For super funds and their advisers

Sea Leopards, Shackleton and Aussie Super

Patrick Liddy

(Pictured:Patrick Liddy)

In 1915, for 10 months the ice-moored ship ‘Endurance’ drifted northwest before it was finally crushed. But for Ernest Shackleton and his crew of twenty-seven men the real ordeal had just begun. It was to go on for a further 10 months, in the most unforgiving of terrains, the Antarctic. Shackleton would bring them all home in an epic that defined heroism.

There were many interesting moments, but one seems more relevant for this piece. When running short of sustenance one of Shackleton’s party, able seaman Thomas McLeod, hit upon a novel idea of obtaining food. McLeod, who was a small but stocky man, went over to the edge of the ice and stood flapping his arms to imitate a penguin. A “sea leopard apparently was convinced for it sprang out of the water at McLeod.” Another of the party promptly shot the sea leopard and starvation was averted again. From hunter to the hunted happens quickly and without mercy. For business it is the same.

Industry Super, Corporate Super, Retail Super and Self Managed Super Funds (SMSFs) are all in the same market place and are in competition with each other. The most successful, according to market share statistics are the SMSFs.   

Source: Tria and ACSA

The SMSFs share of the market has gone from 14 per cent in 1997 to around 32 per cent now. Corporate and Industry funds have gone from 33 per cent to 24 per cent. Retail has remained at 29 per cent market share. This lack of growth in market share has been disguised by the growth in the overall market. This growth is from $267 billion in 1997 to $1.6 trillion in 2013. SMSFs have tended to be very expensive when compared to other saving vehicles. Price is therefore not the key determinant, yet. Currently, functionality and advice are.

Industry, corporate and retail funds are no longer ignoring the threat. Many funds are using the FNZ and Macquarie Platforms to counter the SMSF defections. Twelve months ago Australian Super was the only fund offering a SMSF like capability. Now you have the following – either doing it or looking to implement – Australian Super, Telstra Super, Host Plus, Club Super, Legal Super, QSuper, First State Super, Mercers Super Trust and there are more. But currently price is their main weapon.  And as ineffective as it is someone like Australian Super is wielding it unmercifully. If the ATO is right, and it generally pays to believe they are, (at least till after any court case) the average cost of managing an SMSF is around $6,000 per annum. Australian Super is ‘knocking’ them out for $180 per member, per annum perhaps.  That’s a huge saving and with the current established SMSF providers locked in to ‘cottage industry’ pricing this advantage will grow. They, the established SMSF providers, are unable to build true economies of scale with their current infrastructures. Theirs is an industry ripe for industrialisation.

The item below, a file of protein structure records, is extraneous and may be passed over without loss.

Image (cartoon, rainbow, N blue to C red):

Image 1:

To my mind Industry and corporate funds entering the SMSF market is like Russia entering the Second World War. They will stumble about, get some parts wrong but will ultimately be very successful. Russia did end up with a large part of “Central” Europe and with the most successful commander of the 20th century Georgy Zhukov.  Put simply, the industry funds have a lot going for them.  They have an imbedded long-term customer base, going from accumulation to pension within the same fund is very efficient and they have for the most part exploited their economies of scale and this will ultimately tell.  (Australian Super has already shown fine insight employing someone to look after traditional MIC options and someone to look after the ‘SMSF’ like options. They are two different market segments.)

They, the industry funds, are buoyed by their past success. The Australian model is touted by most participants as being the best there is. This sentiment has been slumbering along the horizon for many years. We need to perceive the changes in the world and in particular the advances made by the UK in this sphere.  These advances will help the market and the end investor. These are:

1) Light advice models for members and investor. Allows smaller balance members and investors to look at different solutions and tailor them to their needs.

2) New products that take advantage of individual needs of risk and investment (Like Bond Markets Secure Income product, but there are more).

3) Individualised Equity Models (as supplied by Brightstone Capital Advisors) and ETFs for the members and investors.

These solutions revolve around two axioms. The first is keeping it cheap the second is tailoring it to the individual. Personally I like both. The funds to succeed must expand their offerings and capitalise on their economies of scale. Finally, the sea leopard, the Antarctic’s top predictor, didn’t see it coming, that’s generally the way it is.

By Patrick Liddy

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